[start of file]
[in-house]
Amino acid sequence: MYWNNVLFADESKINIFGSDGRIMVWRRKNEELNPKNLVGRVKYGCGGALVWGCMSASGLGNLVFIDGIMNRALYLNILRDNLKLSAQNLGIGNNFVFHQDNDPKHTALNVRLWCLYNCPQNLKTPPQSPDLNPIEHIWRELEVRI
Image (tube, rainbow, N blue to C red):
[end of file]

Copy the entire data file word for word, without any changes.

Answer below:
[in-house]
Amino acid sequence: MYWNNVLFADESKINIFGSDGRIMVWRRKNEELNPKNLVGRVKYGCGGALVWGCMSASGLGNLVFIDGIMNRALYLNILRDNLKLSAQNLGIGNNFVFHQDNDPKHTALNVRLWCLYNCPQNLKTPPQSPDLNPIEHIWRELEVRI
Image (tube, rainbow, N blue to C red):